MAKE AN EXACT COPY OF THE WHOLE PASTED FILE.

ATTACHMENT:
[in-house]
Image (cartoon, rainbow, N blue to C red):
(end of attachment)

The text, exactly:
[in-house]
Image (cartoon, rainbow, N blue to C red):